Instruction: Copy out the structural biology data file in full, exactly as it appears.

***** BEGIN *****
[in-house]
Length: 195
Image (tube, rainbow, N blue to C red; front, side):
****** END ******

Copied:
[in-house]
Length: 195
Image (tube, rainbow, N blue to C red; front, side):